PV Installations

mannyb

Senior Member
I hear getting started in PV installations is rough. There are alot of requirements by POCO. If its an existing store or building the service isnt large enough for new load. A New meter would require permitting and A and E. As an EC doing PV installs, are you offering your own design and construction for new and existing installs? or using a engineering firm for design and build? Im trying understand how most PV installs are awarded.
 
I hear getting started in PV installations is rough. There are alot of requirements by POCO. If its an existing store or building the service isnt large enough for new load. A New meter would require permitting and A and E. As an EC doing PV installs, are you offering your own design and construction for new and existing installs? or using a engineering firm for design and build? Im trying understand how most PV installs are awarded.
I think it varies a lot by area, POCO, and size of system. For resi systems here in upstate NY with national grid, they dont really care about anything. I typically change to a class 320 meter base for my larger ground mounts and I usually dont even need to get it inspected. Now get into a much larger system POCO probably needs to do an engineering study on the line, you need to fills out stacks of paperwork, and there may even be medium voltage work involved.

For me, I do the design. Currently I just do mid to large resi systems, but I would be fine doing all the design and engineering for systems up to a few megawatts, there isnt really that much to it, really just string sizing and voltage drop. Of course some jurisdictions or POCOS may require formal engineering over a certain size.
 

mannyb

Senior Member
I think it varies a lot by area, POCO, and size of system. For resi systems here in upstate NY with national grid, they dont really care about anything. I typically change to a class 320 meter base for my larger ground mounts and I usually dont even need to get it inspected. Now get into a much larger system POCO probably needs to do an engineering study on the line, you need to fills out stacks of paperwork, and there may even be medium voltage work involved.

For me, I do the design. Currently I just do mid to large resi systems, but I would be fine doing all the design and engineering for systems up to a few megawatts, there isnt really that much to it, really just string sizing and voltage drop. Of course some jurisdictions or POCOS may require formal engineering over a certain size.
I apologize. I meant EV charging. I posted my question but got caught up watch Astros vs Red Sox. My question was towards EV charging station installation and design.
 

Fred B

Senior Member
Location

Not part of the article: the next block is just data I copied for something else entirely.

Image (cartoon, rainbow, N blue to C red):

Upstate, NY
Occupation
Electrician
I think it varies a lot by area, POCO, and size of system. For resi systems here in upstate NY with national grid, they dont really care about anything. I typically change to a class 320 meter base for my larger ground mounts and I usually dont even need to get it inspected. Now get into a much larger system POCO probably needs to do an engineering study on the line, you need to fills out stacks of paperwork, and there may even be medium voltage work involved.

For me, I do the design. Currently I just do mid to large resi systems, but I would be fine doing all the design and engineering for systems up to a few megawatts, there isnt really that much to it, really just string sizing and voltage drop. Of course some jurisdictions or POCOS may require formal engineering over a certain size.
If this is Otsego or Herkimer counties and I think even Schoharie county they require permits for this type of electrical work as it is not just a disconnect/reconnect or repair situation. If it is not inspected the permit will not be cleared. And any such non permitted and non inspected installation in event of a fire (even if not related) will comback to "who did the added on installation of the non permitted work?". And I don't know of any HO that wouldn't throw the electrician "under the bus". Even if every peice of what you did was correct.
AFA POCO requirements, NAT GRID is probably the easiest going around here and may even let you perform the reset of the meter and hand you a tag to do it, but they will require an inspection to be called in if there was a disconnect/reconnect order placed. If however you are performing all "on the sly", you are likely correct on all counts, BUT if something was to go wrong, liability insurance alone might not be enough.
 

Fred B

Senior Member
Location
Upstate, NY
Occupation
Electrician
I hear getting started in PV installations is rough. There are alot of requirements by POCO. If its an existing store or building the service isnt large enough for new load. A New meter would require permitting and A and E. As an EC doing PV installs, are you offering your own design and construction for new and existing installs? or using a engineering firm for design and build? Im trying understand how most PV installs are awarded.
I apologize. I meant EV charging. I posted my question but got caught up watch Astros vs Red Sox. My question was towards EV charging station installation and design.

I've had one municipality that required extensive documentation, justifying all peice of electrical installation for a new remodel of a commercial space with load calculations with code refences and mfg cut sheets as part of the permit process. None of the electrical was ever included on the engineers prints other than energy code compliance and then only by reference not actually designed or printed. This left it to me to prove the design and get it approved by the planning board.